Despite years of warnings, smoking still has draw
■ Most states get failing grades for smoking prevention efforts despite receiving millions of tobacco settlement dollars, says a new report.
By Susan J. Landers — Posted Feb. 16, 2004
Washington -- Forty years after the first surgeon general's report exposed the dangers of smoking, there are still 47 million American smokers and no shortage of finger-pointing as to why.
A recent American Lung Assn. report charged that few states are making serious efforts to control tobacco use. The report calls for more comprehensive state prevention and education programs and the passage and enforcement of additional clean air laws.
"This report highlights that tough laws save lives and protect our children," said John K. Kirkwood, CEO and president of the lung association. "How many more preventable deaths must occur and how many more children must become addicted to cigarettes before we say enough?"
The group's report meted out "F's" to 38 states and the District of Columbia for their failure to adequately fund tobacco prevention and control programs; to 35 states and the District of Columbia for failing to pass smoke-free air laws; to 13 states for insufficient tobacco taxes; and to 23 for inadequate laws to limit access by young people to tobacco.
But there was some good news. The lung association gave "A's" to 15 states in at least one of its four categories. Five -- California, Connecticut, Delaware, Maine and Rhode Island -- received A's in two categories and New York received three A's.
These ratings come five years after a master settlement agreement between major tobacco companies and 46 state attorneys general. The agreement called for the tobacco industry to pay the states more than $200 billion over 25 years to recover health costs lost to illnesses caused by smoking. The four remaining states settled their tobacco lawsuits independently for a total of $40 billion over 25 years.
Many of the states are drawing fire for using most of their settlement funds to plug budget gaps instead of funding smoking-prevention programs. During a Senate hearing last fall on states' use of settlement funds, Sen. John McCain, (R, Ariz.), said he hoped to determine why states are ignoring the problem of youth smoking. "Isn't an ounce of prevention better than a pound of cure?" he asked.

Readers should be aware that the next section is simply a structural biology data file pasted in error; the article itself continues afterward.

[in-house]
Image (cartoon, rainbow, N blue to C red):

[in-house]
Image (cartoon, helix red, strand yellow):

The lung association's findings reveal that only six states -- Arizona, Arkansas, Delaware, Hawaii, Maine and Mississippi -- committed significant amounts of money toward tobacco prevention and cessation efforts.
But many states are using their settlement funds for health services, said Deborah Hudson, a Republican member of the Delaware House of Representatives and co-sponsor of a law that banned most indoor smoking in her state. In fiscal years 2000 and 2001, states spent a third of their tobacco settlement money for health care services, she said during the hearing.
Meanwhile, the federal government is using the anniversary of Surgeon General Luther Terry's 1964 report to step up its anti-smoking efforts. A new surgeon general's report on smoking is due out soon -- the 28th report to date -- and a database is under construction that will highlight and update information on tobacco-caused diseases and proven tobacco use prevention approaches.
But anti-tobacco advocates view progress as too little, and the federal government is often criticized. In the Jan. 15 New England Journal of Medicine, Steven A. Schroeder, MD, chair of the American Legacy Foundation, wrote that weak federal efforts hinder anti-smoking progress. "Although U.S. smoking rates are slowly declining, progress toward that end would be faster if federal policy-making matched both the rigor of the scientific evidence against tobacco use and the resolve of anti-tobacco advocates."
But the blame doesn't stop there. Alan Blum, MD, director of the Center for the Study of Tobacco and Society at the University of Alabama in Tuscaloosa, Ala., recommends that anti-smoking advocates put their money where their mouth is.
"While the [American Lung Assn.] looks at the state legislatures as the latest culprits, I'm afraid that we think we have met the enemy and he -- and she -- is us," he said. "Rather than training more nicotine addictionologists and epidemiologists, we need to cultivate more creative strategists," he wrote with colleagues in a Jan. 10 editorial in The Lancet. "We need less research and more action."